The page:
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HIV Testing and Informed Consent

Everyone has the right to make their own decisions about their body so no patient can be given medical treatment without their consent. Consenting to medical treatment has two parts to it: information (understanding) and permission (agreeing).

With an HIV test, you must know what the test is, why it is being done and what the result will mean for you before you agree tothe blood sample being taken. This is called pre-test counselling. After the HIV test results have been received you must be counselled again to help you understand and accept the effect that a negative or a positive result will have on your life. This is called post-test counselling.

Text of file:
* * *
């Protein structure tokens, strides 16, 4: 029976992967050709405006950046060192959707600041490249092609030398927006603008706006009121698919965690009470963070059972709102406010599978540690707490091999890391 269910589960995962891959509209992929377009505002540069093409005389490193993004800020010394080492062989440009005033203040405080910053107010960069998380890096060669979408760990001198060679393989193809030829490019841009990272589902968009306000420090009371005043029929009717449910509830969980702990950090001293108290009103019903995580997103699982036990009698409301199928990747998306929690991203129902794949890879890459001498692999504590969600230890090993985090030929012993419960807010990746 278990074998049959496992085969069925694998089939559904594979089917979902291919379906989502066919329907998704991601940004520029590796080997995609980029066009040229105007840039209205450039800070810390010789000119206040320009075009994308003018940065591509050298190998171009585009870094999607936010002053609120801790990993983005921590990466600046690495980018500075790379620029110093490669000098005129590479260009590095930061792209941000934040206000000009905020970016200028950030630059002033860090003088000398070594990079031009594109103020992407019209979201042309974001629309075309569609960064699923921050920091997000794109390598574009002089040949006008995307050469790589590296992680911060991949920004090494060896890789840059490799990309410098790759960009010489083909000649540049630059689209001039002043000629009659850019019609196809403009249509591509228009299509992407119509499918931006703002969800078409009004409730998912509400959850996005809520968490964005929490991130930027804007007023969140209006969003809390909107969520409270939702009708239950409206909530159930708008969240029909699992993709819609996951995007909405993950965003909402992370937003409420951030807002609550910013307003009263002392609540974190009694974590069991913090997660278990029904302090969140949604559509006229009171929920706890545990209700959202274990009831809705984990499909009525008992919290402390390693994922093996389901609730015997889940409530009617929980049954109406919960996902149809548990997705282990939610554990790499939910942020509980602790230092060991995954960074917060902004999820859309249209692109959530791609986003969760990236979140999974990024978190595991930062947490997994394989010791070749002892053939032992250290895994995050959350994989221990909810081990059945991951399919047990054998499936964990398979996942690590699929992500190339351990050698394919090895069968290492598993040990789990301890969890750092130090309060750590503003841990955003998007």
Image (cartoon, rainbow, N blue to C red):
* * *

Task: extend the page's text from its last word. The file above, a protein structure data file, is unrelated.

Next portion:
Thami is a care-giver in a children’s home. The matron informs him that all staff in the hospital must have a Hepatitis B test.

Thami agrees to this. But, the hospital does an HIV test too, saying it saves time and money to do both tests at the same time. The matron tells Thami he is HIV-positive. Thami is furious because he only gave permission for the Hepatitis B test.

The matron did not have a right to do the test. She should have discussed it with Thami first and obtained his consent.